Time for a salary cap to keep leagues competitive and reduce agents’ influence

<span>Leeds's John Charles with the Italian agent Gigi Peronace, who set up his move to Juventus in 1957.</span><span>Photograph: PA Images/Alamy</span>
Leeds's John Charles with the Italian agent Gigi Peronace, who set up his move to Juventus in 1957.Photograph: PA Images/Alamy

After the formal inception of the Football League in 1888, the financial benefit that accrued from the game went largely to those who owned clubs. It was nearly 70 years until an Italian, Gigi Peronace, a translator for British managers in Italy, became one of the first to exploit the game’s growing popularity in Europe and see a market opportunity.

In 1957, Peronace mediated the groundbreaking transfer of John Charles from Leeds to Juventus for a then-record £65,000, exploiting the wage disparities between the two countries. At a time when UK wage caps limited players’ earnings, Italian clubs could offer lucrative deals, highlighted by Charles’s £10,000 signing-on bonus compared with the UK norm of £100.

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The abolition of the maximum wage in English football in 1961 significantly boosted the appeal of playing in the country and enabled a 61% increase in footballers’ average salaries by 1964. Consequently, agents found themselves wielding enhanced bargaining power, becoming indispensable allies to players. This era heralded an increase in the professionalisation of the game and, with it, a surge in the potential earnings for those involved.

In 1992, the advent of paid television transformed sports viewing by introducing subscription models. This influx of broadcasting revenue boosted clubs and, by extension, player salaries, with agents also standing to gain from the enhanced earnings. The 1995 Bosman ruling revolutionised transfers and enhanced player leverage by granting free agents the ability to command higher wages, increasing agents’ commission potential along the way.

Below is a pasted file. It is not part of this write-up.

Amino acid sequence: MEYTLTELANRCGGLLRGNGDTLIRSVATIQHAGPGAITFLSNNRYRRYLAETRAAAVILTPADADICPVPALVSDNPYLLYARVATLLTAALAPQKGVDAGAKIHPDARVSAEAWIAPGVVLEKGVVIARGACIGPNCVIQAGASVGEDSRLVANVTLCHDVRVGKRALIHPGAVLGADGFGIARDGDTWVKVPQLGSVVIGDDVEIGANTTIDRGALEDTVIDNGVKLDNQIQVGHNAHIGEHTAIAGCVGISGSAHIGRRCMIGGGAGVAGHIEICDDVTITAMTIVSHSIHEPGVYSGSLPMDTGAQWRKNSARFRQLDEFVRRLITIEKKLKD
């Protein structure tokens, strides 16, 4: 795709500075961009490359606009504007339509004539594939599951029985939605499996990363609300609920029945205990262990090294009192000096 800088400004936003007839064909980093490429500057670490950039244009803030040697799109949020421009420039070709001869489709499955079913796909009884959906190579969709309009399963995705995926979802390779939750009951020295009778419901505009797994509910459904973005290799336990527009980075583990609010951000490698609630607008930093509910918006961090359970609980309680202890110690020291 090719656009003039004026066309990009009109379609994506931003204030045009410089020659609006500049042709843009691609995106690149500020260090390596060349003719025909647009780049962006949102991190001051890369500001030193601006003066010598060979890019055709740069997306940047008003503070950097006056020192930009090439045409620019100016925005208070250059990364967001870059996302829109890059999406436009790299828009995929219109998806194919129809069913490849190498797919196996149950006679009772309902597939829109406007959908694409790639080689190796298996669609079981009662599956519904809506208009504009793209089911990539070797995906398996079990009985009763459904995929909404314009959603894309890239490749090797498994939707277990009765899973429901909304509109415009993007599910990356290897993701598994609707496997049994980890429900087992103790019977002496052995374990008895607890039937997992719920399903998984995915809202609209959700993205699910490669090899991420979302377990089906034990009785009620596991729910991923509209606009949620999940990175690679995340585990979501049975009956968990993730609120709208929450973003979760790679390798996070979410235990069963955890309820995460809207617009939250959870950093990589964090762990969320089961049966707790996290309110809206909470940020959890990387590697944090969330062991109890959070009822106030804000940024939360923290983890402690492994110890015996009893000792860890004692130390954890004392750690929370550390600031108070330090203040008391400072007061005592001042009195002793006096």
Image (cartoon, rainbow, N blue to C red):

This growing influence of agents extends to the lower leagues of football, even though the absolute amounts contrast wildly with those in the Premier League. Player representation is clearly important to ensure we never return to a historically distorted balance of power. However, it has to be calibrated with the overall sustainability of clubs in a world where, even in the Premier League, losses are systemically fuelled, at least in part, by the rising costs of players’ wages and agent demands. In my experience, agents’ commissions and fees have ranged from a flat fee of several thousand pounds to percentages of the player’s earnings where some claim they “don’t get out of bed for less than 10%”.

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Particularly at our level of the game, deals are not complex or even that interesting. There are few variables and negotiations should be more straightforward – is there a fee to be paid, what will the salary be, what is the term, any bonus schemes and is there a sell‑on fee? One manager even told me that my summary is over-complicated as most players really only care about “wages and days off”.